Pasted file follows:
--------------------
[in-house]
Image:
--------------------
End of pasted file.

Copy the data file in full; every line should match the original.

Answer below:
[in-house]
Image: